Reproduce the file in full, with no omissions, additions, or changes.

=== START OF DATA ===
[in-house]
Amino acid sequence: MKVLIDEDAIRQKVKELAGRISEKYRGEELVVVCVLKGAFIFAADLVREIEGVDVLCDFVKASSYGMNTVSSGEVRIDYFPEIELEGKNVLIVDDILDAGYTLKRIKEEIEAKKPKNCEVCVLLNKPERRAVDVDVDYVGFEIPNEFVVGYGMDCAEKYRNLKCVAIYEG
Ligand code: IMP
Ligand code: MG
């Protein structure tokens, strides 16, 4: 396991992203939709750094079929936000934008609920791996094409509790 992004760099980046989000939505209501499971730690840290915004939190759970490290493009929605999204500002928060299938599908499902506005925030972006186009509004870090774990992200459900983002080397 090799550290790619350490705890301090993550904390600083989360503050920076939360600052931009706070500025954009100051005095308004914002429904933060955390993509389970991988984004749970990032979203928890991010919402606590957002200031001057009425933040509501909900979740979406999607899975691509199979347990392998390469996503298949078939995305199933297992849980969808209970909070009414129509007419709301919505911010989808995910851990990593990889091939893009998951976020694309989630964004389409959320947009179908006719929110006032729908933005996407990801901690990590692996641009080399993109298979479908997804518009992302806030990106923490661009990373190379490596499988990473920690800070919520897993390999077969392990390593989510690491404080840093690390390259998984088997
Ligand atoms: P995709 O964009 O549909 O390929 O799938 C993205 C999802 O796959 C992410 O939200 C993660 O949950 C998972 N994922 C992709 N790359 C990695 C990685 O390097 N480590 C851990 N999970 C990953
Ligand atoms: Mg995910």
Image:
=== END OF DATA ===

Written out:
[in-house]
Amino acid sequence: MKVLIDEDAIRQKVKELAGRISEKYRGEELVVVCVLKGAFIFAADLVREIEGVDVLCDFVKASSYGMNTVSSGEVRIDYFPEIELEGKNVLIVDDILDAGYTLKRIKEEIEAKKPKNCEVCVLLNKPERRAVDVDVDYVGFEIPNEFVVGYGMDCAEKYRNLKCVAIYEG
Ligand code: IMP
Ligand code: MG
């Protein structure tokens, strides 16, 4: 396991992203939709750094079929936000934008609920791996094409509790 992004760099980046989000939505209501499971730690840290915004939190759970490290493009929605999204500002928060299938599908499902506005925030972006186009509004870090774990992200459900983002080397 090799550290790619350490705890301090993550904390600083989360503050920076939360600052931009706070500025954009100051005095308004914002429904933060955390993509389970991988984004749970990032979203928890991010919402606590957002200031001057009425933040509501909900979740979406999607899975691509199979347990392998390469996503298949078939995305199933297992849980969808209970909070009414129509007419709301919505911010989808995910851990990593990889091939893009998951976020694309989630964004389409959320947009179908006719929110006032729908933005996407990801901690990590692996641009080399993109298979479908997804518009992302806030990106923490661009990373190379490596499988990473920690800070919520897993390999077969392990390593989510690491404080840093690390390259998984088997
Ligand atoms: P995709 O964009 O549909 O390929 O799938 C993205 C999802 O796959 C992410 O939200 C993660 O949950 C998972 N994922 C992709 N790359 C990695 C990685 O390097 N480590 C851990 N999970 C990953
Ligand atoms: Mg995910």
Image: